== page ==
Q&A: The origin of “news”

Each week here at the Australian Writers’ Centre, we dissect and discuss, contort and retort, ask and gasp at the English language and all its rules, regulations and ridiculousness. It’s a celebration of language, masquerading as a passive-aggressive whinge about words and weirdness. This week, we’re bringing yesterday's news…

Q: Hi AWC, can we talk about the news this week?

A: Do we have to? It’s all a bit much.

Q: No, you misunderstand. I mean the word “news” – where did it come from?

A: Ah! Okay then. Pull up a chair.

Q: I mean, I know it comes from “North, East, West, South” as in the points on a compass, but I was just wonderin–

A: STOP! Stop right there. 

Q: What’s happening?

A: We need to dispel that MYTH about the compass points. It’s what we call an “absurd folk etymology” – a false origin coined around the 1700s originally as a joke – that people have taken seriously over time. 

Q: So “news” has nothing to do with the compass points?

A: Nothing at all. It’s similar to people who think “golf” stands for “Gentleman Only, Ladies Forbidden”. 

Q: It doesn’t?

A: Nope. “Golf” was apparently derived from an old word for “club”.

Q: That story’s not as exciting.

A: English doesn’t care about flashy stories. And “news” is no exception. The actual fact is that it came from the plural of “new” – as in “new things”.

Q: How dull – not exactly front page news.

A: Exactly. It’s very dull indeed. Might get a small story on page 14 if it’s lucky.

Q: I guess it’s extremely obvious when you think about it. News is all about new things.

A: Yep. Today it’s regarded as singular, but for a long time right up until the 1800s, it was often referred to in plural form.

Q: How so?

A: Well today we’d say, “here is the news” – but back then they’d say, “here are the news”. 

Q: Well, that’s news to me.

A: Aha – that expression dates back to 1889 – relating to something you didn’t know.

Q: What about newspapers?

A: The word was first used in the 1660s, but the format had existed for decades before that, as “gazettes”. The term “newsletter” arrived in the 1670s and then disappeared until the 20th century. As for other newspaper related words, they took off in the 1800s, including news-agent, news-hound and news-stand.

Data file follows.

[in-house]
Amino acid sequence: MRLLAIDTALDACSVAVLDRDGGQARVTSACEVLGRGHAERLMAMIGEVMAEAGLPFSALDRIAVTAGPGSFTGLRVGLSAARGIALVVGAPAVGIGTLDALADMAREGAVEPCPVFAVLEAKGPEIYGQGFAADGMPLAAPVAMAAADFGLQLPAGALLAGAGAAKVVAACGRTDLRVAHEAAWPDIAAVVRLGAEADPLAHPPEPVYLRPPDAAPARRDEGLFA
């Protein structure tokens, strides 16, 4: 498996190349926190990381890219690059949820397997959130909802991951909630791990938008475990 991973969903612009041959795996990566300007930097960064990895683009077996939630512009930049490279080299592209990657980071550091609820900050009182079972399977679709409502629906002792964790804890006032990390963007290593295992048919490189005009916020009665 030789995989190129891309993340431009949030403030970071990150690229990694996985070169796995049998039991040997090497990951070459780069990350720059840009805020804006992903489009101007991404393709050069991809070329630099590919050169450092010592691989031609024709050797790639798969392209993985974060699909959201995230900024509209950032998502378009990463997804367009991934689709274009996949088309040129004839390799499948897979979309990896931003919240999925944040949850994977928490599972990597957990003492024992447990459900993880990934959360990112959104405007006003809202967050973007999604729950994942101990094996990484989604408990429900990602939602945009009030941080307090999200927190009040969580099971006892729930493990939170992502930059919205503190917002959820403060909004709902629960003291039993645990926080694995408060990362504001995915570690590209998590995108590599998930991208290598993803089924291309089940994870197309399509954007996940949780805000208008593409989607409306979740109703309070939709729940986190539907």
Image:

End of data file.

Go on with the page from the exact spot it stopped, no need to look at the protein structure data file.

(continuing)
Q: These are rather newsworthy facts.

A: Well, the adjective “newsworthy” dates back to 1932. Meanwhile, the radio/TV roundup wasn’t called the “news” until 1923.

Q: And the expression, “no news is good news”? That feels more modern.

A: Wrong. That one goes all the way back to the early 1600s and King James I of England, who allegedly said, “No news is better than evil news”.

Q: Jimmy Uno – telling it straight!

A: Um, yes.

Q: Okay, what about “bad news travels fast”?

A: This idea that people are quick to share bad things, while good stuff goes unreported turned up in the 1500s in various forms. But we can likely credit Charles Dickens for popularising it in his mid-19th century books, initially as “ill news travels fast”. 

Q: And why do we “break” the news? Isn’t it broken enough?

A: Haha, Well, a now-extinct idiom – “break the matter” – was around in the 1500s. However, it’s only been since the 1940s that journalists have “broke news stories” or radio/TV interrupted with “breaking news”. Also, since the advent of 24-hour cable news like CNN, the significance of “breaking news” has arguably been watered down.

Q: And finally, “fake news”? Did Donald Trump really invent it?

A: You’ll be surprised to hear that fake news was defined way back in 1894 – as “journalism that is deliberately misleading”. However, clearly the 2016 US Presidential election elevated it to a whole new level.

Q: Okay, that’s enough news for one day. Time for the weather…

If you have a grammar gripe or punctuation puzzle that you’d like our Q&A to explore, email it to us today!

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